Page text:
Or is it possible that I need the latest version of ICImagingControl?

With kind regards,
Matthias

Stefan Geissler
August 27, 2010, 09:50:33
You also need the latest version of IC Imaging Control. I send the download by email to you.

Matthias88
August 27, 2010, 10:01:00
I tried to install the new software but it says that both keys are invalid.
Edit: Sorry, it seems to work now!

Stefan Geissler
August 27, 2010, 10:21:43
Well, I was fast by sending an email to you :-)

Text was:
Both keys are correct. Please keep in mind, they are case sensitive, there are not blanks within
and also make sure, there are no extra characters, which may are added by using copy & paste.

Matthias88
August 27, 2010, 12:09:18
Ok, thanks! I guess I added a space character to each key when using copy & paste :curl-lip:

The software trigger works absolutely fine now!

Now I have got another question regarding the software...

I would like to "simulate" the free running mode of the camera.
So I
1. push the software trigger
2. use the ImageAvailableEvent to wait untill the image arrived in the ImageRingBuffer
then push the software trigger again and so on.
This should be an infinite loop that starts when pressing LiveStart() and stops when pressing LiveStop().

The problem is when using this loop in my gui, the gui is blocked for the whole time.
When using it in a backgroundworker thread I always get the following exception after pressing LiveStart():

Unknown error occurred
Unknown error occurred
Base Library Error : An unexpected DShowLibException occured: Error = startLive failed.
VideoCaptureDevice = DMx 21BF04
VideoFormat = Y800 (640x480)

The loop and the ImageAvailbleEvent:


private void PulseCamera() {
while (true)
{
if (icImagingControl1.LiveVideoRunning)
{
VCDButtonProperty SoftTrigger = (VCDButtonProperty)icImagingControl1.VCDPropertyIt ems.FindInterface(VCDIDs.VCDID_TriggerMode + ":{FDB4003C-552C-4FAA-B87B-42E888D54147}:" + VCDIDs.VCDInterface_Button);

// Generate the softtriggerpulse
if (SoftTrigger != null)
{
waiting_for_frame = true;
SoftTrigger.Push();
while (waiting_for_frame)
{
Thread.Sleep(1);
}
}
}
}
}

private void icImagingControl1_ImageAvailable(object sender, TIS.Imaging.ICImagingControl.ImageAvailableEventAr gs e)
{
waiting_for_frame = false;
}


What would be the best way to realise the simulation? What would be the best "place" to put the loop?

Thanks again!

Best wishes,
Matthias

Stefan Geissler
August 27, 2010, 13:26:26
Multithreading can cause problems, thus why don't you use a timer event instead of a loop?

Matthias88
August 27, 2010, 16:14:59
Multithreading can cause problems, thus why don't you use a timer event instead of a loop?
Some days I really feel to be a blockhead :doh:

I am going to try this on Monday... ;-)

Thanks again and have a nice weekend!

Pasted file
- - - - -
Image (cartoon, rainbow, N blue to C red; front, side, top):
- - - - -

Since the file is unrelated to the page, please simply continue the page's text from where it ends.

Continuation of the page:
Best wishes,
Matthias

Matthias88
September 13, 2010, 16:07:32
Hello again,

after trying the software trigger I now would like to test to trigger the camera with the micro controller. I set the camera to 60Hz and generated a trigger pulse at an interval of 17ms. I used the Image Capture software to display the images on pc but I noticed that the images came in with about 30Hz, so only half of the possible frequency.

Is this because after having made a picture the camera needs another 16ms to send the image to the pc before accepting another trigger?
If so, the maximal frequency in trigger mode would be 30Hz... so it should be sufficient to trigger the camera with 30Hz for the maximal frequency!? But when doing so the camera only runs at about 15Hz, why?

Thanks!

Best wishes,
Matthias

Stefan Geissler
September 14, 2010, 12:00:11
Hello Matthias,

this sounds for me, that the expsoure time is too long. Please try shorter times like e.g. 1/1000 second, otherwise the camera will switch down to half frame rate. Please keep in mind, the camera exposes and sends the image in sequences. Exposure time and delivery time must fit into the 16.666 ms frame rate time intervall. (The image deliverey needs a little bit less than 16.666 ms.)

Matthias88
September 27, 2010, 13:02:12
Hello,

in fact it depends on the exposure time. When running the camera @60Hz and using an exposure time <= 1ms the images will be delivered @60Hz too. When using longer exposure times the images will be delivered only ~@30Hz.

In the previous post you wrote
The image deliverey needs a little bit less than 16.666 ms. So I thought when running the camera @30Hz I could use exposure times up to ~15ms before the camera will switch down to half frame rate. But I just could use ~2ms before noticing the camera switching down. So does the delivery of images take longer when running the camera @30Hz or @15Hz?

Another question: